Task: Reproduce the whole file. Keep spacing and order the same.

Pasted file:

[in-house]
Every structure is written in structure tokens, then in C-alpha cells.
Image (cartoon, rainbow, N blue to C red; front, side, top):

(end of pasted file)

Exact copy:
[in-house]
Every structure is written in structure tokens, then in C-alpha cells.
Image (cartoon, rainbow, N blue to C red; front, side, top):